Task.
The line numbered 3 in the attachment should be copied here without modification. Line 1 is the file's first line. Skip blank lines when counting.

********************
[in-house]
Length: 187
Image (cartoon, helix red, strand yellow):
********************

Image (cartoon, helix red, strand yellow):